Over the past decade, a variety of advanced silver-based dressings have been developed. There are considerable variations in the structure, composition, and silver content of these new preparations. In the present study, we examined five commercially available silver-based dressings (Acticoat, Aquacel Ag, Contreet Foam, PolyMem Silver, Urgotul SSD). We assessed their cytotoxicity in a monolayer cell culture, a tissue explant culture model, and a mouse excisional wound model. The results showed that Acticoat, Aquacel Ag, and Contreet Foam, when pretreated with specific solutes, were likely to produce the most significant cytotoxic effects on both cultured keratinocytes and fibroblasts, while PolyMem Silver and Urgotul SSD demonstrated the least cytotoxicity. The cytotoxicity correlated with the silver released from the dressings as measured by silver concentration in the culture medium. In the tissue explant culture model, in which the epidermal cell proliferation was evaluated, all silver dressings resulted in a significant delay of reepithelialization. In the mouse excisional wound model, Acticoat and Contreet Foam indicated a strong inhibition of wound reepithelialization on the postwounding-day 7. These findings may, in part, explain the clinical observations of delayed wound healing or inhibition of wound epithelialization after the use of certain topical silver dressings. Caution should be exercised in using silver-based dressings in clean superficial wounds such as donor sites and superficial burns and also when cultured cells are being applied to wounds.
                Bookmark

                Author and article information

                Journal
                Ther Clin Risk Manag
                Therapeutics and Clinical Risk Management
                Therapeutics and Clinical Risk Management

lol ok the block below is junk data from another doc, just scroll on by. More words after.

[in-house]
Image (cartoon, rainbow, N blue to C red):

Dove Medical Press
                1176-6336
                1178-203X
                2010
                2010
                2 February 2010
                : 6
                : 21-27
                Affiliations
                Department of Plastic and Reconstructive Surgery, Tel Aviv Sourasky Medical Center, Affiliated with the Sackler Faculty of Medicine, Tel-Aviv University, Tel Aviv, Israel
                Author notes
                Correspondence: Yoav Barnea, Department of Plastic and Reconstructive Surgery, Tel Aviv Sourasky Medical Center, 6 Weizmann Street, Tel Aviv, Israel 64239, Tel +972 3 6973320, Fax +972 3 6973890, Email barneay@ 123456netvision.net.il
                Article
                tcrm-6-021
                2817785
                20169033
                © 2010 Barnea et al, publisher and licensee Dove Medical Press Ltd.

                This is an Open Access article which permits unrestricted noncommercial use, provided the original work is properly cited.

                Categories
                Review

                Medicine

                silver, hydrofiber, wound dressing, aquacel ag®, carboxymethylcellulose

                Comments

                Comment on this article